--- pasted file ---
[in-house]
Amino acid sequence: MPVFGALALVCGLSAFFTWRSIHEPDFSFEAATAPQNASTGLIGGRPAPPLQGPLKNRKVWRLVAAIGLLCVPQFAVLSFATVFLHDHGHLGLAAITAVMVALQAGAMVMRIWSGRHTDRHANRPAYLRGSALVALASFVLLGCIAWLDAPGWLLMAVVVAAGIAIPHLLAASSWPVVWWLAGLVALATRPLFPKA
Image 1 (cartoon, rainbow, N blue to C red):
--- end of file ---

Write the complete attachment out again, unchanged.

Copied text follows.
[in-house]
Amino acid sequence: MPVFGALALVCGLSAFFTWRSIHEPDFSFEAATAPQNASTGLIGGRPAPPLQGPLKNRKVWRLVAAIGLLCVPQFAVLSFATVFLHDHGHLGLAAITAVMVALQAGAMVMRIWSGRHTDRHANRPAYLRGSALVALASFVLLGCIAWLDAPGWLLMAVVVAAGIAIPHLLAASSWPVVWWLAGLVALATRPLFPKA
Image 1 (cartoon, rainbow, N blue to C red):